Dec. 5, 2022 9:43 am EST

Make Sure To Say Bonjour Upon Entering French Establishments. Here's Why

By Margherita Marullo

In a world filled with every techno gadget imaginable, acknowledging a family member or friend is speaking to you, making eye contact and small talk with your date at the dinner table, even simply saying hello to someone you're walking past on the street, or thank you to someone after they've helped you, seems to have become a thing of the past as nearly everyone stares into their mobile devices every single day, oblivious to their surroundings. According to Statista, more than five hours per day of a person's life in the United States is spent on their mobile device, and that's just personal hours.

And while they say technology has advanced the way one communicates, it's clearly hindered people from practicing the long-lost art of speaking face-to-face and actively listening. Given that an alarming amount of Americans use their mobile devices non-stop throughout the day and evening, as reported by Current Affairs, it's evident that technology has created a barrier when it comes to interacting with fellow humans, and has diminished our ability to express ourselves and communicate properly with one another. It only takes three simple gestures to have the ability to put a smile on someone's face and set the tone of a conversation.

Hello, goodbye and thank you

In Europe, greeting someone in their language face to face — not looking at your mobile device — shows a sign of respect, and it's most certainly expected. In the country of France, not making eye contact and not saying bonjour (hello), to the person in front of you as you enter their establishment is not only considered disrespectful, but it's also extremely impolite, as reported by the Huffington Post, and can be seen as an insult toward them and their country.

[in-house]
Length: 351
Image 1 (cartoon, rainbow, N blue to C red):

By simply smiling and expressing that first hello in French while looking at them, you'll not only gain immediate respect from them because you've greeted them in their language but most importantly, it acknowledges that you see them personally. And, as we are all humans around the globe, the simple act of kindness in expressing hello, and even goodbye and thank you to someone, speaks volumes about one's character, especially when you're a foreigner in another country.

So, the next time you're in France, whether you head into an épicerie (grocery store), fill up your rental car at the gas station or stop for lunch near the Champs-Élysées, smile and make sure to say bonjour to the person or persons inside while looking at them. You'll receive a warm smile and hello back, setting the tone for your and their day or evening ahead. After all, we all need human kindness in our lives, and actively communicating with someone is the first step.

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